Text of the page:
Smoking, sun-bed use, and poor oral hygiene all increase perceived facial age
FRIDAY, Feb. 6, 2015 (HealthDay News) — Lifestyle factors, including personal effort in oral hygiene, can have long-term effects on perceived facial age, according to a study published online Jan. 27 in the British Journal of Dermatology.
David Andrew Gunn, Ph.D., from Unilever R&D in Sharnbrook, U.K., and colleagues evaluated the effects of lifestyle on facial wrinkling and perceived facial age in two cohorts (318 Dutch men and 329 Dutch women aged 45 to 75 years participating in the Leiden Longevity Study and 162 nonsmoking English women aged 45 to 75 years).
The researchers found that in Dutch men, smoking, having skin that went red in the sun, being in the sun most of the summer, sun-bed use, wearing false teeth, and not flossing teeth were all significantly associated with a total 9.3-year-higher perceived facial age when adjusting for chronological age. Smoking, sun-bathing, sun-bed use, few remaining teeth, and a low body mass index were associated with a total 10.9-year-higher perceived facial age in Dutch women. A total 9.1-year-higher perceived facial age was associated with cleaning teeth only once a day, wearing false teeth, irregular skin moisturization, and having skin that went red in the sun among English women. Smoking and sun-bed use were more strongly associated with wrinkling in women than in men.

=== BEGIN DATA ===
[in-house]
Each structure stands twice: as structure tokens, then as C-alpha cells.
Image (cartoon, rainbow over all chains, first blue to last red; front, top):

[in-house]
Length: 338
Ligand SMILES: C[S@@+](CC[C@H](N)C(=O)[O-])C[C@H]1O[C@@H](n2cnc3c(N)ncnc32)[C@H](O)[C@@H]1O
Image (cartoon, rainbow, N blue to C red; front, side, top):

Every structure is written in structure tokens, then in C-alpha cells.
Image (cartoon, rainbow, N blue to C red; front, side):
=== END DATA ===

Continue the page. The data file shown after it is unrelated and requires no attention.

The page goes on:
“Although associative in nature, these results support the notion that lifestyle factors can have long-term beneficial effects on youthful looks,” the authors write.
Several authors are employed by Unilever, which provided some funding for the study.
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